Emma Sulkowicz isn’t done making art about rape

The performance artist best known for protesting campus sexual violence says the way to healing is to “feel more”

Emma Sulkowicz doesn’t have much to say about President Donald Trump, but the artist is noticeably agitated when I mention his name. As an American, an artist, a racialized woman (she’s Chinese, Japanese and Jewish) and a rape survivor, you’d think that 24-year-old Sulkowicz wouldn’t be able to hold back. But she takes a deep breath and says plainly, “I believe one of the reasons he got elected is because he got so much free advertising.

“When artists respond by saying, ‘Now more than ever we have to make art about Donald Trump,’ I don’t agree because you’re giving him the exact kind of free publicity that allowed him to slip into office.”

Hours later, Sulkowicz posts a photo to Instagram from the bathtub of her Toronto hotel. “I think Canadians are cooler than Americans,” she writes in the caption.

As part of International Women’s Day, Sulkowicz travelled from her home in New York City to Ottawa and then Toronto to speak at Carlton and Ryerson universities last week. She’s often asked to talk about sexual violence, art and activism on college campuses – she’s become the poster girl for that combination of topics.

In 2012, during her second year at Columbia University, Sulkowicz was raped by another student in her dorm room (she filed a complaint against the university and the accused, but a district attorney did not pursue charges). For her senior thesis during the final year of her visual arts degree, Sulkowicz created Mattress Performance (Carry That Weight), an endurance performance art piece that required her to carry a twin-size mattress – the same type of mattress she was raped on – around campus so long as the accused attended the school.

Sulkowicz gained worldwide attention for the piece, which started September 2014 and ended in May 2015 (where she ultimately carried the mattress across the stage at her graduation ceremony). She says members of the public would come up to her and divulge their own stories of surviving sexual violence. People touched her as if she were a saint that could heal. But the unexpected transformation of Sulkowicz to celebrity also came with its threats.

“Everyone was suddenly an expert on my rape and whether I was a real rape victim,” she recalls.

Critical response to Mattress Performance included praise from the New York Times and performance artist Marina Abramović. Social critic Camille Paglia attacked the piece as “a parody of the worst aspects of grievance-oriented feminism.” Sulkowicz appeared in the Oscar-nominated documentary The Hunting Ground.


Emma Sulkowicz (centre right) carries a mattress across the stage with the help of Columbia University students on graduation day.

Since graduation, Sulkowicz has been prolific, continuing to create art pieces centered around her experience as a rape survivor. Oddly, she doesn’t do it because she finds it cathartic, but because it’s somewhat triggering and retraumatizing. It’s part of what Sulkowicz considers a “productive” definition of healing that requires one to “feel more.” The daughter of two psychiatrists, Sulkowicz knows an impressive amount of critical and philosophical theory, citing the likes of Freud and Foucault as effortlessly as most people her age know the names of Kardashians.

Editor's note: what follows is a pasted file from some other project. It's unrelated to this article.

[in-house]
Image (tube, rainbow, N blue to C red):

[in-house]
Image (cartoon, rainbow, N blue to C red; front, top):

“I talk about it as radical feeling,” she explains. “Rather than repressing my emotions, I’m interested in feeling them way more and all the time, because I think that’s what makes good art.”

Those feelings led Sulkowicz to create Ceci N’est Pas Un Viol, which translates to “This is not a rape,” during summer 2015. In the eight-minute video, Sulkowicz has sex with an anonymous actor, reenacting her rape in a Columbia dorm room.

In 2016, Sulkowicz performed Self-Portrait (Performance With Object) at a Los Angeles gallery. She created a robot version of herself named Emmatron, which was programed to respond to a set of questions. As she stood next to the robot at the gallery, fielding questions from the public, she would direct people to Emmatron to answer the questions she didn’t want to.

Sulkowicz says her art pieces often start as an image in her head. Mattress Performance was conceived as a vision of Sulkowicz carrying a mattress around Columbia.

“I asked myself, ‘What does that mean? Maybe it’s a performance art piece, and if it is, then what are the rules?’ I chip away at it from there,” she says.

Her most recent work, The Healing Touch Integral Wellness Center, which ran at Philadelphia Contemporary, saw Sulkowicz in the role of a doctor performing mainly talk therapy to volunteer “patients” in a parafictional medical clinic. At the same time, Sulkowicz is a scholar in the year-long independent study program at New York’s Whitney Museum of American Art. Her speaking engagements on college campuses help earn her an income.

No matter what art pieces Sulkowicz creates next, she doesn’t expect to ever disassociate herself from her identity as a rape survivor or “mattress girl” – nor does she necessarily want to. Sulkowicz goes so far as to say that without violence, art might potentially not even exist. If she stifles her feelings of anger, sadness and distress, she worries her art might become boring.

“If I make art based on the constant expression of very crazy emotions, then I think my art will continue to be important and interesting,” she says. “I live a really weird life. I’m just trying to figure out what it means.”

michelled@nowtoronto.com | @michdas

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